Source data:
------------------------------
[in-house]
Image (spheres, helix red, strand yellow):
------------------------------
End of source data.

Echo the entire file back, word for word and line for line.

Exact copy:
[in-house]
Image (spheres, helix red, strand yellow):